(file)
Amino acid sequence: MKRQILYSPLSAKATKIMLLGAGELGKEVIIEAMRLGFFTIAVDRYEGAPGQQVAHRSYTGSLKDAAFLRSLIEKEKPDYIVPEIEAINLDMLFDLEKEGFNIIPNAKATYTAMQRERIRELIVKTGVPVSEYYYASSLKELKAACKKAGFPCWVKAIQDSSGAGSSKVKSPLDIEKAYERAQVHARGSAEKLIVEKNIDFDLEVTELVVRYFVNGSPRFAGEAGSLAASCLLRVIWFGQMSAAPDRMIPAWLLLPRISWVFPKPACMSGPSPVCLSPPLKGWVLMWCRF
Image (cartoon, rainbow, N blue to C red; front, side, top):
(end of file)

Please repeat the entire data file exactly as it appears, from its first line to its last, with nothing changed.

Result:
Amino acid sequence: MKRQILYSPLSAKATKIMLLGAGELGKEVIIEAMRLGFFTIAVDRYEGAPGQQVAHRSYTGSLKDAAFLRSLIEKEKPDYIVPEIEAINLDMLFDLEKEGFNIIPNAKATYTAMQRERIRELIVKTGVPVSEYYYASSLKELKAACKKAGFPCWVKAIQDSSGAGSSKVKSPLDIEKAYERAQVHARGSAEKLIVEKNIDFDLEVTELVVRYFVNGSPRFAGEAGSLAASCLLRVIWFGQMSAAPDRMIPAWLLLPRISWVFPKPACMSGPSPVCLSPPLKGWVLMWCRF
Image (cartoon, rainbow, N blue to C red; front, side, top):